267: Thoughts on Belly Breathing with Shannon Crow
As human beings, we are always learning new information. Sometimes, this new information conflicts with our current beliefs or knowledge, so we need to be willing to dig in and explore this – and if we are wrong, to admit it and change our beliefs. This happened to Shannon Crow (she/her) with belly breathing.
You may have learned about the benefits of belly breathing in yoga class or yoga teacher training or even taught it to your students. However, it may not be the best practice for everyone. In this episode, Shannon reflects on how she came to change her views on belly breathing and how she now teaches breath to her students instead. She shares her own experiences as a yoga teacher and a yoga practitioner from what she has learned and then unlearned. If you have ever taught breathing in a yoga class, this episode is for you.
[3:14] Shannon introduces her topic for this episode and why she was inspired to share about it.
[4:58] Shannon shares a little about an upcoming online workshop she is hosting with OfferingTree.
[6:39] Shannon learned about belly breathing in yoga classes and in yoga teacher training. Eventually, she realized that what she knew or believed about belly breathing may not be correct.
“Something that we all need to embrace as yoga teachers is that we are responsible for how we’re guiding our students.” Shannon Crow
[8:54] The more research Shannon did into belly breathing, the worse she felt for teaching it the way she was. She reflects on how she felt at that time.
“The more research I did into this, the worst I felt for teaching the way I was teaching belly breathing.” Shannon Crow
[10:04] What happens when we take a breath? Where does the breath begin?
[13:24] What do we really mean when we say belly breathing?
[15:38] Some things associated with belly breathing can put additional pressure on the pelvic floor, and this may not be desirable for some people.
[20:46] We are always going to be learning new information, and as yoga teachers, we need to explore how we can move with grace to explain to our students why we have shifted certain things we teach.
“As long as I continue to listen and learn and grow as a human, I’m on the right track.” Shannon Crow
[23:28] What are your thoughts on belly breathing? Share them with Shannon!
Chart that shows what happens when we breathe:
- The Connected Yoga Teacher Podcast Episode 247: Being Wrong is Part of Learning with Shannon Crow
- New Thoughts on Belly Breathing, by Shannon Crow (Article)
- OfferingTree Webinar: Clarify Your Offering with Shannon Crow
- What’s Up ‘Down There’? by Shannon Crow for Health Journal
- Trista Zinn
- The Connected Yoga Teacher Podcast Episode 069: Yoga with Pelvic Organ Prolapse with Dr. Sarah Duvall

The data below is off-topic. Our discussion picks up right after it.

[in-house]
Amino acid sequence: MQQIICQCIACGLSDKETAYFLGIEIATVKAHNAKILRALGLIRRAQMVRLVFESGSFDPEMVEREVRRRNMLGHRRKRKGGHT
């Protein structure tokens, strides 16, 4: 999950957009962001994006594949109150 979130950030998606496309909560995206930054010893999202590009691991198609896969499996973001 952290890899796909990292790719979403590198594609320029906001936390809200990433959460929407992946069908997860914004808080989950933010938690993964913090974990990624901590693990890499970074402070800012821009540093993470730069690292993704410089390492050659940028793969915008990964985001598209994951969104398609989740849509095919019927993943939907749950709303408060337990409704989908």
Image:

- Yoga Teacher Conf
- Yoga Teacher Conf Live Stream (Code: SHANNONCROW)
- Scattered to Clarity Workshop
- Native Land Digital
- Shannon Crow on Instagram
- The Connected Yoga Teacher Facebook Group
Gratitude to our Sponsor, OfferingTree and Pelvic Health Professionals.
Great insight, thank you so much!
You are welcome Katie! Thanks for listening and taking the time to comment.
Thank you for this refreshing insight Shannon. First in my own practice and subsequently in my teaching, I have gone on a similar journey motivated by exactly what you discussed… a POP which I thought was stable and well supported. Turns out it wasn’t!! Now, like you I focus on the ribs. I often start a pranayama practice in a supine position and encourage students to explore ‘baby breathing’ that is to say , how does it feel when you focus on a relaxed waist and simply let your body do the work? I notice in my own practice that starting here often brings gentle movement into the abdomen without excessive pressure. Interestingly even when the breath is quite shallow this still occurs or there is a spontaneous deeper breath almost as if by stepping the executive mind out of the way the body has an opportunity to ask for a fuller breath for its own reasons.
Also thank you for acknowledging that place of uncertainty that can come with new learning. As teachers it can be tempting to stay embedded in certainty. Your reminder to stay present with our ongoing learning and maintaining a willingness to adapt and change our practice is a great reminder to stay connected with our ‘beginners mind’
With gratitude 🙏
Sharon! Thank you so much for sharing your thoughts and experience here. What a treat to read your words of support and encouragement as we learn together on this journey! I really appreciate also — you sharing your own experience with breath and with POP. Thanks for listening to this episode and for taking the time to comment.